The Chilling Effects website has information for people who are active online, whether it's commenting on blogs, creating fanfiction, blogging or creating an information site about your favorite hobby, or giving your opinion of your favorite (or least favorite) person. But it's primary purpose is to catalogue, analyze and clarify cease and desist orders so if you receive one the legaleze won't overwhelm you.

The purpose of the Chilling Effects Clearinghouse isn't to enable IP infringement, it is to help people stand up to IP bullying. In the last twenty years it has become much easier to steal intellectual property. It has also become much easier to threaten and bully people into submission if what they're doing could hurt your business - regardless of whether they're doing anything wrong or not. Especially if you have a lot of money and they don't.

Thursday, January 6, 2011

What is the cost of copyright?

Have you ever been to the Internet Archives Wayback Machine? It's pretty neat. There are copies of thousands of sites - more likely millions - dating back to mid-90's. I tried to find my old "Securely Private" blog there when I found out the provider that had hosted the A-J blogs was no longer hosting them. Unfortunately it had links to it, but the actual pages were missing.

When I was looking for my old blogs I looked at some other sites just out of curiosity. I don't remember what they were now. It didn't even occur to me at the time that what I was looking at was copyright infringement on a massive scale. Nate Anderson at Ars Technica looks at the Internet Archive's potential liability. How does he calculate that liability? He takes the figures from the Electronic Frontier Foundation (PDF). According to them:

As of December 18, 2010, the Internet Archive had 600 preserved images of the website for the Recording Industry Association of America (RIAA). Were the RIAA to sue the Internet Archive for copyright infringement based on these preserved images and prevail, the Archive would face up to $89 million in statutory damages, even absent a finding of actual harm or any reprehensibility. And these 600 images of the RIAA website are but a small drop in the large lake of information that the Archive has collected, which includes over 150 billion web pages. Based on this figure, if all copyright owners of those webpages (or a certified class of them) were to sue and prevail, the Archive would face potential statutory damages of close to 2,000 times the United States’ national debt.

The point of the whole exercise is that rewards in copyright infringement cases should reflect actual damages. It makes perfect sense. Why should someone who holds a copyright or other Intellectual Property rights get huge sums of money if they haven't actually suffered any harm?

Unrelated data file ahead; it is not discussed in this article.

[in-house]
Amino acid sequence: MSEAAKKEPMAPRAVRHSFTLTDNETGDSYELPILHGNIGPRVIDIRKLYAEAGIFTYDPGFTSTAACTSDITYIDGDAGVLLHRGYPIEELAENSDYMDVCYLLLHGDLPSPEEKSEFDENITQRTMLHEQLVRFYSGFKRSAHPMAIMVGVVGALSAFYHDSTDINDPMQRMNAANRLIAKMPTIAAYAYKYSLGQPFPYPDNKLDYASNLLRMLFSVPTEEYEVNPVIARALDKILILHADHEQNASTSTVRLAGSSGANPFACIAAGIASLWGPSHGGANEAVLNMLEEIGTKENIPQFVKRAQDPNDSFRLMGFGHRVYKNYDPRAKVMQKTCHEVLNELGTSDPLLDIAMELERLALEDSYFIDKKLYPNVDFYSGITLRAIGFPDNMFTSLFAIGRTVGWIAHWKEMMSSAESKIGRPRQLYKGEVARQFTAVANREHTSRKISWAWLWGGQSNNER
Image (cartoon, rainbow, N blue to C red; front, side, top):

That's not to say that there aren't legitimate infringement cases. But even those should have realistic penalties. The EFF contends that copyright infringement penalties as they've been awarded in the past are unconstitutional and ignore due process. They further contend that the extremely punitive damages hurt the intent of copyright law.

Article I section 8 of the Constitution lists among the powers of Congress the right (among other things):

To promote the Progress of Science and useful Arts, by securing for limited Times to Authors and Inventors the exclusive Right to their respective Writings and Discoveries

The idea is to temporarily give authors and inventors exclusive right to the fruits of their labors, their intellectual properties (IP), then open the IP up to the world at large. That serves the dual purposes of providing incentive for original creation and allowing disseminating information for derivative works. What copyright has become doesn't really qualify as temporary.

If the intent was to provide temporary compensation to IP holders, then allow others to use them - both for the purpose of promoting the "Progress of Science and useful Arts" then it is likely true that the extreme punitive damages have the opposite effect that was intended when that clause was put into the Constitution. I know they would discourage me.

Wednesday, January 5, 2011

Cellphones fair game for police in California

Jacqui Cheng of Ars Technica reports that in California police don't need a warrant to search your cell phone. In a decision (PDF) filed Monday the California Supreme Court ruled that text messages on a cell phone were not protected by the Fourth Amendment. They cited previous cases that denied protection to items that were on suspects persons or in their vehicles.